How To Use Flask Page Templates

How To Use Flask Page Templates

The last tutorial taught us how to set up some routes in Flask and in this tutorial we’ll see how page templates work in Flask. The original routes we created returned simple strings to the web browser when visiting a given route. Strings are not enough to create a website, we need things like HTML, CSS, and maybe some JavaScript to create more robust pages for our users. It’s not feasible to put all of that code into one long string and return that. This is where page templates come in when using Flask. Page templates will allow us to store all the HTML and associated data in a separate HTML file that can then be loaded via one line. Let’s learn a bit more about Jinja Page Templates in Flask.


Where To Put Flask Templates

In order to use page templates with your Flask application, you need to store them somewhere. This is done by creating a templates directory in the same directory that holds the app.py file. In our example, this is in a folder named flask-tutorial so that is where we will create this directory now.

Flask Templates Folder

How To Make a Flask HTML Template

Inside of the templates folder, we can create and store the HTML files that will act as the templates for the application. Let’s go ahead and create a new home.html file inside of the templates directory now.

HTML file inside templates folder

We can add some simple HTML markup to this new home.html file like so.

<!DOCTYPE html>
<html lang="en">
<head>
    <meta charset="UTF-8">
    <title>Homepage</title>
</head>
<body>
<h1>Hello Home Page!</h1>
</body>
</html>

How To Render A Flask Template

Now that we have an actual HTML file with some markup in it, how can we render or display that template to a user of the website? We can do this by changing the code in our app.py file to make use of the render_template() function. In the following code snippet, we import the needed function and then use it in our home route. Note that the render_template() function expects to be passed the name of the template that we want to render. In our case, that means we are passing home.html to the render_template() function.

from flask import Flask, render_template

app = Flask(__name__)


@app.route('/')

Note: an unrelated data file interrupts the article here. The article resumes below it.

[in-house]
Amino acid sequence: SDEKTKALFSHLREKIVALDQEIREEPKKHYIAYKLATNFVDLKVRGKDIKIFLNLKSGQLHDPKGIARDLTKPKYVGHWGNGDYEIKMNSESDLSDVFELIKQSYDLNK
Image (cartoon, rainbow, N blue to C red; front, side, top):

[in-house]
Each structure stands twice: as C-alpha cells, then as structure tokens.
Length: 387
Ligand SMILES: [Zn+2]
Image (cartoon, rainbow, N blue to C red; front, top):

def home():
    return render_template('home.html')


@app.route('/about')
def about():
    return 'This is a tutorial Flask app on serving routes'

Looking Good!
Flask Render Template

Jinja Templates

This templating functionality is provided by Jinja, which is a powerful template engine that was created by the same people responsible for Flask. Jinja is also used in other projects besides Flask. It is quite popular, and there are many different options and functionality that you can use with Jinja. You can check out the Jinja website for more details about its features and use cases.

Passing Data To Templates

In the example above, we can see how to load a static HTML file using Jinja Templates and Flask via the render_template() function. We can also pass some data from the app.py file into the template file during rendering. This is important because it is how we can create dynamic pages that change based on the data that is passed to them. Let’s update both the app.py file and the home.html file to see how to pass this data and display it in the browser. First up, let’s see the change in app.py.

from flask import Flask, render_template

app = Flask(__name__)


@app.route('/')
def home():
    return render_template('home.html', name='Jinja')


@app.route('/about')
def about():
    return 'This is a tutorial Flask app on serving routes'

Notice that the render_template() function now has a second argument of name passed to it. In this case, we have set the value to ‘Jinja’.

Template Interpolation

How can we take this variable ‘name’ that we specified and access it inside of the template? In Jinja, you can use two curly brackets, then type out the name of your variable, which in this case is ‘name’, and then two ending curly brackets. This is a form of interpolation where what happens is the value of the variable is displayed, not the name of the variable. So here is our updated home.html file that makes use of the curly brackets in Jinja.

<!DOCTYPE html>
<html lang="en">
<head>
    <meta charset="UTF-8">
    <title>Homepage</title>
</head>
<body>
<h1>Hello {{ name }}!</h1>
</body>
</html>

Now when the homepage is loaded, we can see that the value of ‘Jinja’ which was passed from the app.py file to the home.html file is displayed on the screen.

pass variable to flask template

Changing Values In App.py

In order to solidify this concept, let’s try a couple of different values in the app.py file for the ‘name’ variable. We will leave the home.html file untouched, only the variable contents are being updated here.

from flask import Flask, render_template

app = Flask(__name__)


@app.route('/')
def home():
    return render_template('home.html', name='Flask')


@app.route('/about')
def about():
    return 'This is a tutorial Flask app on serving routes'

flask template variable

from flask import Flask, render_template

app = Flask(__name__)


@app.route('/')
def home():
    return render_template('home.html', name='Friend')


@app.route('/about')
def about():
    return 'This is a tutorial Flask app on serving routes'

testing flask template variable

Learn More About How To Use Flask Page Templates